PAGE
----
Mentally Ill, Drug-Addicted Homeless Plague Sanctuary Cities

(Headline Health) Leading news agencies continue to report on the intertwined epidemics of drug abuse, homelessness, and mental illness in many U.S. cities.

Yet what many of these reports fail to mention is the politically incorrect truth that many of these localities are sanctuary cities rife with illegal aliens.

As Headline Health recently reported, one in four illegal aliens in the U.S. is mentally ill.

Their unlawful presence places an undue burden on emergency services, healthcare providers, and social service agencies, which are forced divert scarce resources meant to assist local, law-abiding citizens in need.

One city now in the spotlight is Everett, Washington, located in Snohomish County.

The county is designated by the Center for Immigration Studies as a sanctuary jurisdiction where “laws, ordinances, regulations, resolutions, policies, or other practices obstruct immigration enforcement and shield criminals.”

Stories like the one below shine a needed spotlight on chronic public health issues which endanger the public at large and cost taxpayers billions. Yet the story does not make a single mention of the impact of immigrants, lawful or unlawful.

Meanwhile the website of the Snohomish County Sheriff’s Office states that the department does not honor ICE detainer requests “because doing so is a violation of the person’s rights.”

In spite of this policy asserting that illegal aliens are entitled to the rights of citizens, the sheriff’s office website asserts “Snohomish County is not a sanctuary county.”

Mentally ill, drug-addicted homeless pose challenge for city

(PHUONG LE, ASSOCIATED PRESS) This is the lesson that the working-class city of Everett has learned: It takes a community to rescue the hardcore homeless.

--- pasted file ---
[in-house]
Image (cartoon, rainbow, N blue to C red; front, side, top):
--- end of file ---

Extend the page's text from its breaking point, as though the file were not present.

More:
It takes teams of outreach workers — building relationships with men and women struggling with addiction or untreated mental illness, prodding them to get help. It takes police and other agencies, working together to provide for their needs.

Everett, hard-hit by the opioid epidemic, is trying an array of strategies to tackle homelessness, addiction, untreated mental illness and other problems on its streets.

For starters, the city put together a team that would track the 25 most costly and vulnerable cases, and hover over each one individually until he or she was in treatment or housing.

“It was when everything else seems to have failed,” said Hil Kaman, who left his job prosecuting the homeless about a year-and-a-half ago and took up the challenge of finding solutions as the city’s public health and safety director.

Sage Ross, CC

Officials also are pushing new permanent supportive housing and sending social workers out with police officers.

The city of 110,000 people north of Seattle and surrounding Snohomish County saw a 65 percent jump in people living outside in the past two years — among the largest increases on the West Coast in that time.

The number of unsheltered chronically homeless — those who have been homeless for longer than a year while struggling with a serious mental illness, substance use disorder or physical disability — has grown steadily in the Everett region, more than doubling since 2015.

The opioid epidemic, poverty, lack of unskilled jobs, rising rents and a shortage of affordable housing have made it harder for those who fall into homelessness to get out. Read the full story at San Francisco Chronicle. Also of interest: Hepatitis, Heat Wave, Hellfire: California’s Public Health Triple Threat

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